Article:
Then there’s Europe, which is where I struggle the most with this. Starwood hotels in Europe are typically quite stingy with upgrades, so you’re lucky to get just about anything other than an “executive” room. On one hand I have no problem nicely pushing for an upgrade, but at the same time I don’t want to come across as an “ugly American” (not my term, but what I’m often called here). On one hand hotels are choosing to participate in the Starwood Preferred Guest program, and all I’m doing is asking them to follow the rules of their program. At the same time I don’t think loyalty programs as a whole have picked up as much traction here as in the United States. I feel like they’re perceived more as “freebies,” as opposed to a reward for continued loyalty.
Case in point, I checked into the Schloss Fuschl hotel yesterday near Salzburg, Austria, after spending two nights at the incredible InterContinental Berchtesgaden. A basic room at this hotel costs 500 Euros per night, so my expectations were incredibly high. I was able to redeem some nights from Starwood’s second quarter promotion for this stay, which is an amazing deal.
At check-in I was told that “as a Platinum member of course we have upgraded you.” Great. I get to the room and as far as I can tell it’s a standard room. There’s no balcony (which other rooms seem to have) and the view is just of trees. If the hotel is sold out then so be it, I totally understand. But I logged onto their website and they were still selling junior suites.
I went back down to the front desk and nicely asked if they had any further room upgrades available, mentioning that I saw that they were still selling junior suites for the night. He typed away on his computer and then informed me I had already been upgraded to a “grand deluxe” room. Okay, perhaps the room had an extra 10 square feet, though it was far from “grand.” I asked if he didn’t have any suites available, and mentioned that I was under the impression that Starwood Platinum members get the best available rooms based on availability, up to a standard suite.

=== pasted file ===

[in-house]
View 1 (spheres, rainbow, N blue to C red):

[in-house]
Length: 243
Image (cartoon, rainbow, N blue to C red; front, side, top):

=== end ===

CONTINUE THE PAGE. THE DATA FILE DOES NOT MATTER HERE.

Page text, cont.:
He informed me that wasn’t the case, and that because I was on a free night the hotel didn’t have to upgrade me to a suite. I would have been totally fine had he said that they didn’t have any suites available (and I wouldn’t have pushed it any further), but was irked by the fact that he said I wouldn’t be upgraded further because I was on a free night.
What exactly is a “free” night? Starwood’s likely paying the hotel very close to the best flexible rate for my room. The hotel is getting all that revenue. So the only thing that makes this stay different than any other is that Starwood is paying the hotel instead of me paying the hotel. It’s basically the same thing as telling a business traveler that because their company paid for their room and they’re on a corporate rate, they wouldn’t be upgraded.
Long story short, one tweet and 15 minutes later I was in a junior suite. Though it was slightly odd when the front office manager called and said “we heard on the internet that you don’t like your room, yes?”
At the end of the day I feel mildly uncomfortable here now as a “complainer.” At the same time, I was simply asking them to follow their rules.
The lesson (based on my limited experience) is simple — stick to Hyatt and InterContinental hotels in Europe, and limit my Starwood stays as much as possible to Asia.